The Education Ministry admits there have been problems in its 1Malaysia netbook programme due to poor quality laptop computers that were distributed.
Deputy minister P. Kamalanathan said among the weaknesses that had been identified were equipment malfunction and software problems.
"The main problems usually involved how a user used the laptops and also component problems.
"Software problems, however, will not take too much time to solve and could be settled on the same day the netbook is sent for repair," he said.
Among initiatives taken to solve the problem, said Kamalanathan, was to give warranty and the necessary information about the manufacturers and the service locations for the laptops.
He was replying to Mohd Imran Abdul Hamid (PKR - Lumut), who had asked the ministry on action taken against suppliers who changed the hardware of the 1Malaysia netbook to a lower quality replacement product.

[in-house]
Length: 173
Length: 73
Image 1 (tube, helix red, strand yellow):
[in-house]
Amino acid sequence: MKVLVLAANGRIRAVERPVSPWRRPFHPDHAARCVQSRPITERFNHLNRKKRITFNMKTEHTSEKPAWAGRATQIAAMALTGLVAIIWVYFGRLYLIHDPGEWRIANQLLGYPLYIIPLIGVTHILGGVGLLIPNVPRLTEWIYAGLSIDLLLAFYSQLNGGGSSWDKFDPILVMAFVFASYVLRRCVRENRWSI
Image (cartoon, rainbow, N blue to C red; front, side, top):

"Among the brands we use are HP, Lenovo and Acer, but we have to admit there are problems with some of our laptops," Kamalanathan said.
However, he added, if the ministry found that either the manufacturers or suppliers had changed the hardware to cheaper alternatives and failed to follow the right procedures, they could be fined up to RM3,000 (S$1,200).
He said although the cost of each netbook was estimated to be about RM1,000, manufacturers should not change the hardware to a cheaper version and distribute it to eligible students.
"We have distributed over 800,000 netbooks to schools nationwide with the aim to reduce the digital divide between urban and rural students in our education system," he added.